And the idea that 100 or 50 or 60 years ago, or two weeks, ago there were social mores, which are in fact not towards a greater good and it may take time to alter them.

 

Just because I feel that it's individuals who, human beings who make the great forces that then bend history ... that doesn't mean I also believe that these always go in the right direction.  There are endarkenments as well as enlightenments that litter human history, what we know of it.

 

A risk of quoting my adolescent Billy Bragg records...

 

Go on!

 

…the struggle carries on, right?

 

The struggle carries on, doesn't it just? Yeah, yeah. Every generation, it's handed to us and we either, well we do what our great grandparents did, which is to ignore it, to capitulate ... or to struggle. Up to you.

 

Was the fact that the Wachowskis had made these very kinetic films that in a way were about subversion a good sign? Say what you will about "The Matrix." It's an action adventure film apocalypse suggesting of all of late-stage capitalism is the invention of evil killer robots, which is kind of neat.

 

(Laughs)

 

Did the idea that they had this taste for the epic but also smaller notes of subversion or commentary and satire within that, did that help a lot when you're making the decision to sign the novel over to them?

 

Again, that came after the fact, just the fact that the makers of "The Matrix" were interested in optioning the book to be honest. This isn't a very sophisticated answer but at that point I was a gushing fan like, "Yeah! Of course you can have it!"

 

Right.


It was not one of the major decision -- it was a major decision, but it wasn't one of those decisions that I thought that I had to chew over or I'll agonize about for a very long time.

 

But I mean the Wachowski's and Mr. Tykwer, if there's a commonality between their best and worst, it's sort of these philosophical ideas expressed in very kinetic ways.

 

What I love about both of them were that they're gloriously oblivious to the idea that you're either serious, heavyweight, and human-less or just a box ticking entertainer. They really… They're both highbrow and lowbrow at the same time, and even that phrase "lowbrow" sounds pejorative. I don't mean it.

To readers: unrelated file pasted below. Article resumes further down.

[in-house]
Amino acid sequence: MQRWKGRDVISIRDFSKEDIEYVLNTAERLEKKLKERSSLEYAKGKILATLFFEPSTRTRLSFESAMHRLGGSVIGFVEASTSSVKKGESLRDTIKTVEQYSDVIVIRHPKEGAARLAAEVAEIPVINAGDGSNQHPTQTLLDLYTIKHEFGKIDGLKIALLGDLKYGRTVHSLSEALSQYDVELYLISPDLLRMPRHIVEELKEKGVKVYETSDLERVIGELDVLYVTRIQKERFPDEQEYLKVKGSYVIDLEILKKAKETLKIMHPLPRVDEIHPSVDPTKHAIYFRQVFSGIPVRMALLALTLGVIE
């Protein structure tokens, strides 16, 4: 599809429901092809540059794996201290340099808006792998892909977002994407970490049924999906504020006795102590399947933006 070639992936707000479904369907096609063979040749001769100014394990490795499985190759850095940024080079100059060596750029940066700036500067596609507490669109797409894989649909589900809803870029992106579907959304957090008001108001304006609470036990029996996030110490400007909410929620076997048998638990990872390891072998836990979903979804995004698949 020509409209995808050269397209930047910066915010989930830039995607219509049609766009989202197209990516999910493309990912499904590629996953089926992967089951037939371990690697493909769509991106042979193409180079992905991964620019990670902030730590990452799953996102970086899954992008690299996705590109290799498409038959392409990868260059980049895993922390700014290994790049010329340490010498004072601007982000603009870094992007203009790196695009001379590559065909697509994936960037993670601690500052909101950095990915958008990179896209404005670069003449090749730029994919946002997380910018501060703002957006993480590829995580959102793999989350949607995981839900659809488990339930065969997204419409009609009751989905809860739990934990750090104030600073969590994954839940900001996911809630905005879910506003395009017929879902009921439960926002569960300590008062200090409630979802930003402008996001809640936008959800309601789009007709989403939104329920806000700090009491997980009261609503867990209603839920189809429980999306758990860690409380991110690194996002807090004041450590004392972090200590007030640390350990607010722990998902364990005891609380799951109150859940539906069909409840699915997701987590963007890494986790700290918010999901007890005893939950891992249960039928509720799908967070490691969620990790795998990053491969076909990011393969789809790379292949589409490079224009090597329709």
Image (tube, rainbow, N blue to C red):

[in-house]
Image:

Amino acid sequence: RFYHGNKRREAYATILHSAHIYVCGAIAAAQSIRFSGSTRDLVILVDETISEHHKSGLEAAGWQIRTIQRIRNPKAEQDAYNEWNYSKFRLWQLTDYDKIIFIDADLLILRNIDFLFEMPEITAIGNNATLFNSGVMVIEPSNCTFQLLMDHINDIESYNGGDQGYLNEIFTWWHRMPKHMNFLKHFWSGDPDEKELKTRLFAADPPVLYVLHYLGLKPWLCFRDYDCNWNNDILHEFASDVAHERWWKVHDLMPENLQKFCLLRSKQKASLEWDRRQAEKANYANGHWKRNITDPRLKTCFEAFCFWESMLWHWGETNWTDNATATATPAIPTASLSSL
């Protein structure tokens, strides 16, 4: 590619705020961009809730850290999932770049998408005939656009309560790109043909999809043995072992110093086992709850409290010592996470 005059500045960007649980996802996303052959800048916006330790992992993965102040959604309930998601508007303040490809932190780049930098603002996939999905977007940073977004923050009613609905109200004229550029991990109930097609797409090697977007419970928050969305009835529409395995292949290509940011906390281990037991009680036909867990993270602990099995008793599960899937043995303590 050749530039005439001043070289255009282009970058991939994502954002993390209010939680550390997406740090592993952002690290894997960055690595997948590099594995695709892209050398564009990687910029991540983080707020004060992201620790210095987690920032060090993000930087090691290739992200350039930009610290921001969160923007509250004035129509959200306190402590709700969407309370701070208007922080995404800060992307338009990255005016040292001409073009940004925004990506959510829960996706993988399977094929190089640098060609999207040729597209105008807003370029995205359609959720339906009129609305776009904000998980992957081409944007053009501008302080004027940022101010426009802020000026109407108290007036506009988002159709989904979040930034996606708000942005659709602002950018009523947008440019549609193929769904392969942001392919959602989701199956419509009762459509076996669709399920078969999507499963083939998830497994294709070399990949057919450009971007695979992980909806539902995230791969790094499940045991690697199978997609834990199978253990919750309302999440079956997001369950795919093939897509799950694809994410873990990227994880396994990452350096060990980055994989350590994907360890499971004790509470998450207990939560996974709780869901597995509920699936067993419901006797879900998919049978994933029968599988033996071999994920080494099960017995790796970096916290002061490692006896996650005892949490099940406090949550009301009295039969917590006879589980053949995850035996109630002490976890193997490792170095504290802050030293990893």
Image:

American film critic Manny Farber had his work and techniques summed up in a great way, which was to play both brows against the middle.

 

(Laughs) I should remember that. That's brilliant.

 

I read that delightful piece you wrote for the New York Times magazine about being so pleased by the sense of many hands working on the film in a lapidary fashion and sort of smoothing the book into something more contained and more of a film's shape, but not going 'Was that my bit or their bit?' At the end of the day when you finally saw the whole damn thing were you able to link it in any way to your novel or was it completely like"I didn't picture Jim Sturgess flying around with great epicanthic folds shooting a laser beam in a flying snowmobile?" Or did you still see it as yours?

 

(Laughs)

 

Not to knock that; it's a great moment. But you know exactly what I mean -- the process of your imagination versus the visualization of someone else's imagination.

 

Sure, sure. Actually, depends on the scene. There were some scenes that have been more Wachowski-ized than anything in my book, but they fit.

 

Right.

 

That's what I care about. I don't really care "Is it mine, is it too far from mine." What I care about, just when I write the book, the biggest question I ever think when I'm writing the book, it's not actually form versus function. It's what can I do to make this damn book work 'cause it's killing me. What can I do to make it work? How can it work? And that's sort of how I feel about this film as well. I don’t care to what degree any given scene has been bent away from my original or evolved away from my original ... not as a transitive verb but you know what I mean.

 

(Laughs)

 

Sorry.

 

No, I was just ready to try and figure out past-tenses and present-tenses of 'bent'  as well.

 

(Laughs)